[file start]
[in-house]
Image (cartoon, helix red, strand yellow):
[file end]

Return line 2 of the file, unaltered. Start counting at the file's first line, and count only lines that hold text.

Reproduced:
Image (cartoon, helix red, strand yellow):